Fondue In France

5 03 2010

Yesterday, I touched upon American Fondue and French Fondue.

On Real-French-Crepes-Louvre-Eiffel-Tower-More-Crepes-Day in Paris, it was round about 10pm before we made it back to the area of our Hotel.
We had walked a good 15 miles that day (from the Grand Opera section, to the above  mentioned P.O.I., Metro back) and were famished.
By this point, my tolerance of the French had diminished greatly*.

Settling on a cafe around the corner from our hotel, we pushed through as much of the menu as two-Americans-who-hadn’t-really-used-French-since-1995 could.
On the menu, I saw bourguignonne fondue, which I knew from Melting Pot to be yummy.
Not feeling de poisson ou de poulet, I opted for something I knew. And some French Beer.
In about 10 minutes, the waiter brought out a plate of meat and veggies.
Steve’s salad came and went. No fondue.
Steve’s entree came.
Excuse-moi, fondue?“, I asked the waiter.
He looks at my plate of raw meat and the empty table, “ils n’ont pas d’être fini?” (they didn’t bring that over yet?)
Non…”
And shortly there after, I had a bubbling pot of hot oil.  Said pot damn near caught the table on fire- FLAME ON.

Accustomed to how we roll in the US, I popped the pieces of meat into the oil.
The Nice French Lady next to me nearly choked on her salad.
“NON! NON! NON!”, she exclaimed, laughing. “Pousser la vache! Pousser ici! Ici!” (“Push the cow! Push here! Here!”, she really did say “Pousser la vache”. t’was awesome.) as she skewed my beef onto a tong and placed it in the oil.
Eyes wide, “OOOOOHHHHHH! je vois! C’est tres different! Merci!” (“Oh, I see! This is very different! Thanks!”)

After filling up on fondue, the Very Nice French People next to us had fun playing “who can extinguish the hellfire of this fondue pot!?” with us before we put a plate on the flame and laughed, knowing we were out of danger.
* Upcoming post, the difference between Nice French People and the Vast Majority of France.

Advertisements

Actions

Information

6 responses

5 03 2010
writerdood

We have fondue once a year (a new years eve tradition). I carry this over from my childhood. When I was a kid, though, I always assumed that Fondue was Chinese. I’m not sure why.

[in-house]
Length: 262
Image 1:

Anyway, when we make it at home, I use stock because I don’t want a pot full of boiling oil around the kids. The pot full of boiling stock is bad enough. This was the first year we’ve tried it with the kids (they’re 8 and 10 now). It actually worked out pretty good. I was worried they’d stab each other with the forks, but they held back.

Fondue in France sounds like fun. I don’t know any French, personally, so I’d probably come across as a bastard American barbarian. That might make me surly and resentful of the people. I’d need to travel with a translator. Hmm… come to think of it, that’s not a bad idea. I just need someone who speaks French to come along. Maybe I’ll tell one of my kids, if you learn a language, I will take you there.

Could be a good incentive! (I better start saving now – might be headed for Japan).

5 03 2010
S. Le

What a fantastic experience. It’s a wonder the woman didn’t just slap you for desecrating your fondue!

5 03 2010
Jill

I’d love to go to France someday – despite “The Vast Majority of France” 🙂

6 03 2010
Dennis the Vizsla

This reminds me of the “Pernod” scene from the movie Gotcha

8 03 2010
Stephanie of Stopbouncing

writerdood: I would not be at all surprised if fondue did originate someplace other than France/Switzerland/Wherever. Love the “if you speak it, we’ll go!”… will be added to the eventual’s repitiore.

S.le: Right?! Given the previous experiences with the French, I half expected a face full of hot oil.

Jill: France is great, the French (on the whole), well, not so great.

Dennis/Jim: I have no idea what you’re talking about.

10 03 2010
Dennis the Vizsla

It’d be too hard to explain. Rent Gotcha, I’m sure you’ll enjoy the Pernod scene when it comes up. Plus you get to see Anthony Edwards when he was young and had hair.

Leave a Reply

Fill in your details below or click an icon to log in:

WordPress.com Logo

You are commenting using your WordPress.com account. Log Out / Change )

Twitter picture

You are commenting using your Twitter account. Log Out / Change )

Facebook photo

You are commenting using your Facebook account. Log Out / Change )

Google+ photo

You are commenting using your Google+ account. Log Out / Change )

Connecting to %s




%d bloggers like this: